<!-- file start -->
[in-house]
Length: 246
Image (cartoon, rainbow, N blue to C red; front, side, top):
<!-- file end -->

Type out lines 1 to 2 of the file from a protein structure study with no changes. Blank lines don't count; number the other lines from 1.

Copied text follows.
[in-house]
Length: 246